Mack Ervin, Jr.
ENG689 Introduction to Graduate English Studies
The Marrow of Tradition
Charles W. Chesnutt composed at least fifty works of literature within a two-decade period at the end of the 19th and the beginning of the 20th century. In addition to penning Frederick Douglas A Biography, he authored dozens of articles and stories and was the first Black author to be published in The Atlantic Weekly. In The Marrow of Tradition, Chesnutt cleverly illustrates the true nature of what is was like to live in the southern United States of America at that time. It was not just the usual Black diaspora existence, but it also included the cultured lifestyle of Black people occupying a middle to upper middle-class existence. Chesnutt’s Marrow of Tradition fictionalized real life events that were experienced by Blacks, including some of his own relatives who subsequently survived the horrific attack. This text has been generally used within classes dealing with realism/realistic fiction which refers to a work being true to life or mimicking real life (events). However, in his article "A Living Death": Gothic Signification and the Nadir in The Marrow of Tradition”, Gerald Ianovici claims that Chessnutt has actually produced a novel that has many of the Gothic Literature traditions. Ianovici accurately identifies major elements of the Gothic genre in The Marrow of Tradition; Chesnutt’s “Marrow” is not just realism, it also mirrors a Gothic novel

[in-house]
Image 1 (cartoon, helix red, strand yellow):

One of the key elements of Gothic Literature is that of confinement or entrapment. While they are different they encompass some of the same elements. The basic and most relatable one being that a human being has no genuine control of their destiny. They are either confined to a certain status in life or entrapped to another enslaving institution that offers no more freedom than the prior:
You are mistaken, sir, in imagining me hostile to the negro...On the contrary, I am friendly to his best interests. I give him employment; I pay taxes for schools to educate him, and for court-houses and jails to keep him in order. I merely object to being governed by an inferior and servile race. (Chessnutt 25)
This statement by Major Carteret accurately displays the feelings of White southerners towards Blacks during and after Reconstruction in the South. Blacks (the Millers specifically) were proving that they were more than capable of handling their new freedom and a benefit to their society. But, true to Gothic traditions, The Marrow of Tradition shows that in a paternalistic, authoritative society it is very difficult to escape the societal caste system. The statement also demonstrates what awaits newly freed Blacks should they “get out of order”, jail. Whites had a plan to jail Blacks (confinement) if they could not control them. Blacks were faced with the prospect of, “…permanent confinement to a second-class status” (Ianovici 3). Even with the end of slavery, Blacks could not escape their...